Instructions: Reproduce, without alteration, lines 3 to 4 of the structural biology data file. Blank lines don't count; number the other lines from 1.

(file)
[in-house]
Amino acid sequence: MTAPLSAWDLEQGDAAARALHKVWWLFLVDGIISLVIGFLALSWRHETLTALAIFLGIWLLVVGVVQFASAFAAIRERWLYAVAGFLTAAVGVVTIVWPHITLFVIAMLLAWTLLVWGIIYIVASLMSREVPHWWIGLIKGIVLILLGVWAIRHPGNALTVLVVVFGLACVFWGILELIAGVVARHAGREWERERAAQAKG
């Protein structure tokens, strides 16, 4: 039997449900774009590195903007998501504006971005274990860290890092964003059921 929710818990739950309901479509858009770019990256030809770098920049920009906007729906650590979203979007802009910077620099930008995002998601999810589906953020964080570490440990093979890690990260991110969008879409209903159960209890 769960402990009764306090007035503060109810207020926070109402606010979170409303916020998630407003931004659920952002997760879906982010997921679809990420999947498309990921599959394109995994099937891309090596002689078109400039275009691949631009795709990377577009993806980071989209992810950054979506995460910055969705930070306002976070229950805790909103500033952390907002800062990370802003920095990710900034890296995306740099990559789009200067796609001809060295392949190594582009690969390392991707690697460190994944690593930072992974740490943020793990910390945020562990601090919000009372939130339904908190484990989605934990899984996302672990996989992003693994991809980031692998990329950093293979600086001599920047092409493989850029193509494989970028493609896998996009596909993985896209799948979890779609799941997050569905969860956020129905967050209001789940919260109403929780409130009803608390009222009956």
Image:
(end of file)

């Protein structure tokens, strides 16, 4: 039997449900774009590195903007998501504006971005274990860290890092964003059921 929710818990739950309901479509858009770019990256030809770098920049920009906007729906650590979203979007802009910077620099930008995002998601999810589906953020964080570490440990093979890690990260991110969008879409209903159960209890 769960402990009764306090007035503060109810207020926070109402606010979170409303916020998630407003931004659920952002997760879906982010997921679809990420999947498309990921599959394109995994099937891309090596002689078109400039275009691949631009795709990377577009993806980071989209992810950054979506995460910055969705930070306002976070229950805790909103500033952390907002800062990370802003920095990710900034890296995306740099990559789009200067796609001809060295392949190594582009690969390392991707690697460190994944690593930072992974740490943020793990910390945020562990601090919000009372939130339904908190484990989605934990899984996302672990996989992003693994991809980031692998990329950093293979600086001599920047092409493989850029193509494989970028493609896998996009596909993985896209799948979890779609799941997050569905969860956020129905967050209001789940919260109403929780409130009803608390009222009956």
Image: